The first total solar eclipse to darken US skies in a generation has forced utilities to draw up contingency plans for an electric grid increasingly powered by the sun. A giant shadow moving west to east on August 21 will temporarily remove “a large amount of photovoltaic resources” from the country, a regulatory body concluded last week. California’s grid operator on Monday estimated the eclipse would boost its net demand by 6,000 megawatts, enough power for the city of Los Angeles, as solar output nosedives. Eclipses are among the latest factors utility managers must consider as renewable energy becomes a bigger part of the generation mix. The last total solar eclipse crossed the US in 1979, when president Jimmy Carter bemoaned an energy crisis a nd renewable technology was in its infancy.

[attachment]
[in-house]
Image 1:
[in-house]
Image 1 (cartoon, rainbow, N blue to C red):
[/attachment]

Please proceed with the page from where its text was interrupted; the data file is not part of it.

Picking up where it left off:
FT 2nd May 2017 read more »
It’s no secret that solar PV is now the cheapest form of new-build utility-scale power generation around, but according to global research group Bloomberg New Energy Finance, we’re not far from the point when it will also be cheaper than incumbent fossil fuel generators. Kobad Bhavnagri, BNEF’s head of research in Australia, said that prices like 2.69 US cents/kWh had ensured that solar PV was now the cheapest source of new generation in the world, and even in Australia which he said had “finally become an efficient utility-scale PV market.” But the problem for big solar remained that “new plant still have to compete with old,” which at the moment, puts incumbent coal ahead of the game – in Australia and many other parts of the world. But not for long. Bhavnagri says that the cost reductions of solar PV are now becoming “so significant” that BNEF can foresee a time when new solar will become cheaper than operating, existing coal.
Renew Economy 3rd May 2017 read more »